At this time last year, the Merrimack Valley was deep in snow and it seemed as though every week brought another storm.
Local school officials kept an eye on the calendar as snow days mounted, the roofs of many school buildings had to be cleared of snow out of fear they would collapse and many communities had already exceeded their planned budget for snow plowing and removal. Everyone was just waiting for an end to winter.
Although it seems like spring has arrived, officials say, "don't count on it."
As of yesterday, Boston's snowfall total for this winter was just 7.6 inches. That's less than half the 20.8 inch average as of yesterday's date for the last 30 years. It pales in comparison to last winter, when by Jan. 25 Boston's snowfall total had reached 50.4 inches.
In all, a total of 81 inches fell last winter, or about twice the annual total snowfall average of 41.8 inches.
"Simply put, there has not been enough cold air when we have low-pressure systems to produce snowfall," said Bill Simpson, a spokesman for the National Weather Service in Taunton.
Yesterday's forecast called for snow and sleet overnight followed by rain and patchy fog today with a high near 45, then clearing this evening with a low around 28. Tomorrow is expected to be sunny with a high near 41. Simpson said it is typical of what's been happening this winter.
As of Feb. 1 of last year, local school departments worried they would have to extend the school year deep into June. Both Methuen and North Andover public schools had logged four snow days while Haverhill had five on the books.
At this time last year, Haverhill's public works Director Michael Stankovich said one storm after another made it difficult for workers to catch up and forced them to alternate between plowing, sanding, salting and removing snow.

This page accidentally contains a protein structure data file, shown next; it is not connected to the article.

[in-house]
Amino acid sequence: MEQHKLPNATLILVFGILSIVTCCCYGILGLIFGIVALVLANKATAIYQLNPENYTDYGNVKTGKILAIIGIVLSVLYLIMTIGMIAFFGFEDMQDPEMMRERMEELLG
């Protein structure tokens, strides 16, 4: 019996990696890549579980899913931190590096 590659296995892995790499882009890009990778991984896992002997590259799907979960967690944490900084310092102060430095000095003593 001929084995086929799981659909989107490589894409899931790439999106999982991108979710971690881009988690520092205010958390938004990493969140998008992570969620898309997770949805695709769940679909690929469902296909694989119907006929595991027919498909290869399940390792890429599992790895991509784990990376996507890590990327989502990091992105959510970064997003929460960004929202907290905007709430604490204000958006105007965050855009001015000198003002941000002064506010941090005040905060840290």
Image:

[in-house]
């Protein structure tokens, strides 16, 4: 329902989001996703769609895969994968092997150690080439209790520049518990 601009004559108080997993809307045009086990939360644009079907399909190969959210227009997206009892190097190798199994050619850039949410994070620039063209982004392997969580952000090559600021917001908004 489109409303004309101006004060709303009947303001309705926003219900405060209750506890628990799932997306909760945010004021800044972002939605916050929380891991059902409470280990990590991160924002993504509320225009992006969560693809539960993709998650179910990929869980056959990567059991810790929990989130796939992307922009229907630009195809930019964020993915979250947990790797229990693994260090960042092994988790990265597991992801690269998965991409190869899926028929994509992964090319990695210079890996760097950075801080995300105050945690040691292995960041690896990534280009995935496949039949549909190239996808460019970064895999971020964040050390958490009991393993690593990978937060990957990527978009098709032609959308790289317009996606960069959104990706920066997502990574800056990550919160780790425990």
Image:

Drivers encountered intersections where the snow had piled so high they could barely see. A mountain of snow began to form at the DPW yard on Primrose Street as trucks unloaded what they had hauled away during cleanup operations. The mountain didn't completely melt until the middle of June.
Drivers traveling Route 213 in Methuen watched as a mountain of snow formed in the rear parking lot of the Loop. It grew to mammoth proportions.
"None of that is occurring this year, although we still have two more months left in the snow season," Stankovich said. "Typically February and March are very snowy months."
Haverhill spent about $2.2 million on snow plowing and associated operations last winter. The city has spent approximately $275,000 this year, Stankovich said.
"Because there has been less snow removal work this winter season, it has allowed the city work force to do more road repair work and tree trimming and removal work," he said.
Also, little snow means less wear and tear on road surfaces as well as on city trucks and equipment, he said.
Total snowfall as of yesterday: 7.6 inches for the Boston area.
Average total snowfall (30 years) as of Jan. 25: 20.8 inches.
Total snowfall by Jan. 25, 2011: 50.4 inches.
Annual average total snowfall for the last 30 years: 41.8 inches
Total snowfall for the winter of 2010-2011: 81 inches.
Latest snowfall: May 8-9, 1977. Boston received a half inch of snow. Worcester received about a foot.
Since 1892 there have been 10 years with less than 20 inches of total snowfall.
Least total snowfall: 9 inches for the winter of 1936-1937.
Second most least: 10.3 inches for the winter of 1972-1973.
Third least: 12.7 inches for the winter of 1979-1980.